Valerie Jarrett Speaks at the National Forum on Youth Violence Prevention
In 2009, a wave of youth violence swept through Chicago. Many young people lost their lives, including Darrion Albert, a 16 year-old honors student who was caught in a brawl between two groups of teenagers, and beaten to death on his way home from school. When President Obama heard about Darrion’s murder, he took action, sending Attorney General Eric Holder and Secretary of Education Arne Duncan to meet with then-Mayor Daley to address the epidemic of violence in our cities.
These initial conversations led to the National Forum on Youth Violence Prevention, a partnership that works to keep children safe in cities around the country.
Yesterday morning, Valerie Jarrett, Senior Advisor to the President, addressed the National Forum on Youth Violence Prevention here in Washington, D.C. She was joined by mayors from across the nation, as well as Attorney General Holder and Secretary Duncan. She spoke about President Obama’s ongoing commitment to making our communities safe places to grow up, and to raise children. Her full remarks, as prepared for delivery, are below.
Thank you, Melodee, for that very kind introduction, and for everything you do to protect our nation’s young people.
On behalf of President Obama, I’d like to thank all of you for being true leaders in the fight to prevent youth violence. You all work so hard to keep our children safe. We have mayors from around the country here today. My hometown Mayor, Rahm Emanuel. Mayor Villaraigosa, who just spoke. Mayor Reed, Mayor Donohue, and two Mayor Kennedys – Judy and Judith, and Mayor Nutter will be joining you this afternoon. Mayor Menino and Mayor Bing couldn’t be here this morning, but I’d like to recognize them for their leadership. And I also want to acknowledge my dear friend Congressman Bobby Scott.
Looking around, it’s great to see so many familiar faces. Last year, I spoke at this Summit and thanked you for breaking down silos, and coming together in our cities where addressing the problem of youth violence could simply not be more urgent. Each city represented announced a new comprehensive youth violence plan, and since then, you have converted those plans into action.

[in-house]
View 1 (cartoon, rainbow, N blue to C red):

Already, we see evidence that you are changing your communities, and improving people’s lives. Just a few days ago, researchers from John Jay College and Temple University released an interim report on their assessment of this national forum on youth violence and prevention. Interviews with you, and others in your cities, found that perceptions of public safety and violence have improved, that organizations are cooperating more effectively, and that local officials are more actively engaged in preventing violence.
That’s terrific news. It is amazing how much you have accomplished in such a short time. But as we all know, there is still so much to do. As a mom, it just breaks my heart when I hear stories of young people who fall victim to gangs, drugs, and crime – President Obama, the father of two young girls, feels the same way.
The President will never forget the tragic story he heard, in 2009, from our hometown of Chicago. A 16 year-old honors student named Darrion Albert was walking home from school. An innocent bystander, in the wrong place at the wrong time. On his way to the bus stop, he was caught between two groups of boys brawling in the street. One young man, not much older than Darrion, struck him with a railroad tie. Another punched him in the face. As he struggled to his feet, a second group of boys attacked him and continued to beat him even after he had lost consciousness. Darrion did not survive.
I think it was impossible to hear the story of Darrion’s murder without doing some soul-searching. We had to ask ourselves how, in America, we could let young people’s lives end before they had a chance to truly begin. And sadly, as we are all painfully aware, Darrion was not alone. From the beginning of the 2007 school year until the time of Darrion’s death, nearly 70 students were murdered in Chicago, most of them on their way to or from school. An epidemic of children killing children.
When President Obama heard about what had happened, he took action. He sent Attorney General Holder and Secretary Duncan to Chicago to discuss youth violence with Mayor Daley and leaders in the community – and those discussions ultimately led to the creation of this National Forum. Today, President Obama and his Administration are deeply committed to continuing to partnering with all of you to continue our work to create safe neighborhoods for our children.